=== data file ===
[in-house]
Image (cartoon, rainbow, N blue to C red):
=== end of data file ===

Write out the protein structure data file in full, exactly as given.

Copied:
[in-house]
Image (cartoon, rainbow, N blue to C red):